Sarasota: an Atoll in the Middle of Everything


An atoll is a wide area of shallow water surrounded by low, sandy islands. As such, one could be forgiven in calling Sarasota an atoll. It consists of five sandy keys (in true Florida fashion, connected by soaring bridges and rod-straight causeways) and a stretch of the mainland. The John Ringling Causeway has a 1000-metre long, 20 metre-high bridge on an 8-km causeway.

This makes it a difficult town to get around in, unless you have a car. Fortunately we were visiting our friend, Anne, whose family has owned a place in a gated community in South Sarasota for forty years. We shared the rental on a car, and (bonus!) she did the driving, as she knows the area well. Here is a sample of what we experienced in the past couple of weeks, including distances and times from Anne’s pied-a-terre for your reference.

Siesta Key (10 km, 20 min) One of the most popular beaches in the whole US. Huge white-sand beach with surf toy rentals. Ice cream on the way home. Yummy.

Drums on the Beach 

Then, on Sunday at sunset, the locals meet for a ritual:


Fort Myers Beach (150 km, 1 hr 40 min) E & J Seafood Market for shrimp. The sad story there is that Hurricane Ian piled all the shrimp boats on top of each other and completely destroyed them. Out of about 90 boats, there are only 9 left. E&J is the only packing company in the area. Their shrimp was great.

On the way home, we visited Big Olaf’s Ice Cream, where I ordered three “large waffle cones.” The young lady regarded me, and said, “that’s six scoops.” I did the math and assumed she meant two scoops times three cones. “Sure,” I said breezily.

Oh, no. It was it was six scoops per cone! No need for dessert at supper that night.

Dali Museum in St. Petersburg (80 km, 54 min.)

They were featuring an interesting display of Dali’s younger works. He started out as an Impressionist, and they had collected some works of Degas, Monet, and others of that ilk that compared to Dali’s similar paintings. To be frank, I enjoyed the French works more. Dali really came into his métier as a Surrealist.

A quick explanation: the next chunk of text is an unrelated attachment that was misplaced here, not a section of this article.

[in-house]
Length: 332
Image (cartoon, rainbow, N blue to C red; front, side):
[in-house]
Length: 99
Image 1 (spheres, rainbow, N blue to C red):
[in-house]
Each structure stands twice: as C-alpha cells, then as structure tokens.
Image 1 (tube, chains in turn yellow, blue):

The Weather

We had come to Florida in early April, hoping to slide in between Spring Break madness and Summer heat. It worked out perfectly for most of the visit: sunny, not too humid, temperatures in the low 20s. Except for the day we visited Señor Dali. There was an “extreme weather forcast,” starting at 3 in the afternoon.

Precisely at 3 pm we exited the museum, to the drumming of pounding rain. Anne brought the car as close to the main entrance as possible. Then we made a dash for it, but got soaked in thirty seconds.

And did I mention the big bridge? As we approached the causeway the rain increased, blowing in horizontal with a touch of lightning for decoration. Effective, but not reassuring. Fortunately, everybody on the road felt the same way, and we toodled up and over the hump at about 60 kph, cars spaced out safely. When we got home the roads were still dry, although we got our share of rain that evening.

Hermanns’ Royal Lipizzan Stallions (40 km, 36 min.)

The Lipizzan heritage, in North America anyway, is in steep decline. Their main show is four or five performing stallions with three riders in a weedy outdoor arena. They no longer tour. However, they are beautiful animals and both riders and steeds perform with great pride and skill. It was another beautiful day, and we sat in the stands in the shade of huge trees and had a pleasant hour’s entertainment, tarnished slightly by a heavy overtone of American patriotism and the glory of “hard work and perseverance.” Oh, well, it’s Florida, after all.

Linda’s Birthday Dinner: Marina Jack’s, Sarasota Harbour  (15 im, 18 min)

(next to the iconic statue of the sailor kissing the nurse)

Jack’s was pretty crowded, but we got a table right down by the dock with the yachts tied up nearby. Again the sun was out, the wind was just a bit cool, and the food was great.

Tarpon Springs: Hellas Restaurant at the sponge docks. (130 km, 1 hour 40 min)

The historical background is that a Greek came out to Florida and discovered a coastline rich in sponges (don’t know what you call that – a spongery?) that nobody was harvesting. He went back to his little village in Greece and persuaded half the inhabitants to come with him and create a new life at their old occupation, using old-fashioned deep-sea diving equipment. Over a hundred years later, the spongery still thrives, as well as the town full of service industries for the fisherment and the tourists who come to savour the hints of Greece that abound.

St. Armand Circle. (16 km, 25 min)

(Or, as Anne’s grandchildren call it, ‘Starman Circle”)

We went back here three times. It’s out at the junction of the Ringling Causeway and the road up the keys, in the middle of a great tourist area, with shopping and restaurants galore. It certainly solved the problem of what to buy Linda for her birthday, and we had a great Cuban lunch at the Colombia restaurant. Parking wasn’t easy, but it was possible.

The Bottom Line

If you pick your weather properly and have your own transportation, Sarasota is the centre of a huge tourist area, and a great place for a laid-back, relaxing holiday.

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